Creekside Springs

Bottled Water Regulations


Bottled water, one of the most regulated food products, is subject to three levels of regulations and standards: federal, state and industry.

1. Federal Regulations
On a federal level, bottled water is regulated by the Food and Drug Administration (FDA) as a food product to ensure bottled water product safety from production to packaging to consumption.
All bottled water products must comply with FDA’s Quality Standards listed in the Code of Federal Regulations (CFR) including:

  • Standards of Quality
  • Standards of Identity (such as labeling regulations and standardized terms)
  • Good Manufacturing Practices (such as plant construction, sanitary facilities and process controls)
  • The Public Health Security and Bioterrorism Preparedness and Response Act of 2002 (such as maintaining records and registering bottling and operations/sales facilities with the FDA.)

2. State Standards
In addition to FDA's extensive regulatory requirements, the bottled water industry is subject to state regulatory requirements as well.
A significant responsibility of the states is inspecting, sampling, analyzing and approving sources of water. Under the federal GMPs, only approved sources of water can be used to supply a bottling plant. Although regulations vary from state to state, in general they cover the following:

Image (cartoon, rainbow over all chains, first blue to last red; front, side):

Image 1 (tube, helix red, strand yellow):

• State Labeling
  • Laboratory Certification
  • Quality Standards
  • Bottling Plant Permits
  • Water Sources
  • Product Labeling

Another area in which some states have important responsibilities that complement federal regulation is the certification of testing laboratories. As with any food establishment, the states perform unannounced plant inspections, and some states perform annual inspections.

3. IBWA Standards
Bottled water companies that are members of the International Bottled Water Association (IBWA) must adhere to stringent industry standards. IBWA has established a quality assurance program, a strict set of standards called the Model Code of Practice. In some instances, the IBWA Model Code is stricter than FDA regulations. The IBWA is also active at all levels of the local, state and federal government assisting in the development of such regulations. As a member of the IBWA, we must comply with the following standards:

  • Annual, unannounced inspections by third-party auditors
  • Audits of all areas of plant production
  • Adherence to the Hazard Analysis and Critical Control Points (HACCP) Program
  • Compliance audits of federal and state regulations and industry standards

Not only do we comply with bottled water regulations, we take it a step further. We produce high quality bottled water that is crisp, refreshing and tastes great.